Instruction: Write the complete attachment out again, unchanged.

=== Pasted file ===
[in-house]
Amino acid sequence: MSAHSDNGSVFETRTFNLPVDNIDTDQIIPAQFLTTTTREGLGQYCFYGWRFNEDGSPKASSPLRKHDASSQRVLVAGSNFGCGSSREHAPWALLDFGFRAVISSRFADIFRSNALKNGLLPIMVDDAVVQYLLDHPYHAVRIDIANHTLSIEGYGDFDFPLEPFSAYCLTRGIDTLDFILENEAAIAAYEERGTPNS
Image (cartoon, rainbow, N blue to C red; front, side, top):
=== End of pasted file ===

[in-house]
Amino acid sequence: MSAHSDNGSVFETRTFNLPVDNIDTDQIIPAQFLTTTTREGLGQYCFYGWRFNEDGSPKASSPLRKHDASSQRVLVAGSNFGCGSSREHAPWALLDFGFRAVISSRFADIFRSNALKNGLLPIMVDDAVVQYLLDHPYHAVRIDIANHTLSIEGYGDFDFPLEPFSAYCLTRGIDTLDFILENEAAIAAYEERGTPNS
Image (cartoon, rainbow, N blue to C red; front, side, top):